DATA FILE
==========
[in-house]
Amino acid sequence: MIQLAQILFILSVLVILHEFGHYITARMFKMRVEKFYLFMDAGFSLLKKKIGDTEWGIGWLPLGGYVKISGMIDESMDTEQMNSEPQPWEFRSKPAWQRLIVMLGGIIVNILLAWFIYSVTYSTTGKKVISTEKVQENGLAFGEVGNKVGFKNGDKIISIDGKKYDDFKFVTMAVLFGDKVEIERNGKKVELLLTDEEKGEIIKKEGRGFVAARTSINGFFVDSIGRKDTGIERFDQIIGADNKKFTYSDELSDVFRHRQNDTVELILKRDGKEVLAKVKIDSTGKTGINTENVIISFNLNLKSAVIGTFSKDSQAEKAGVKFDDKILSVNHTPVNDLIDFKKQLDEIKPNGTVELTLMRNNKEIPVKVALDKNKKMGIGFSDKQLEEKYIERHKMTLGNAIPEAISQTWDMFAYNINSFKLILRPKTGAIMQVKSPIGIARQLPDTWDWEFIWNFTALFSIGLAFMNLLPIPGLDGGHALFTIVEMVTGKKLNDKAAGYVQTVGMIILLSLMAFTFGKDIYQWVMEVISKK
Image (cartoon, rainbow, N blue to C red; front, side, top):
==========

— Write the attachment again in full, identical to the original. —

[in-house]
Amino acid sequence: MIQLAQILFILSVLVILHEFGHYITARMFKMRVEKFYLFMDAGFSLLKKKIGDTEWGIGWLPLGGYVKISGMIDESMDTEQMNSEPQPWEFRSKPAWQRLIVMLGGIIVNILLAWFIYSVTYSTTGKKVISTEKVQENGLAFGEVGNKVGFKNGDKIISIDGKKYDDFKFVTMAVLFGDKVEIERNGKKVELLLTDEEKGEIIKKEGRGFVAARTSINGFFVDSIGRKDTGIERFDQIIGADNKKFTYSDELSDVFRHRQNDTVELILKRDGKEVLAKVKIDSTGKTGINTENVIISFNLNLKSAVIGTFSKDSQAEKAGVKFDDKILSVNHTPVNDLIDFKKQLDEIKPNGTVELTLMRNNKEIPVKVALDKNKKMGIGFSDKQLEEKYIERHKMTLGNAIPEAISQTWDMFAYNINSFKLILRPKTGAIMQVKSPIGIARQLPDTWDWEFIWNFTALFSIGLAFMNLLPIPGLDGGHALFTIVEMVTGKKLNDKAAGYVQTVGMIILLSLMAFTFGKDIYQWVMEVISKK
Image (cartoon, rainbow, N blue to C red; front, side, top):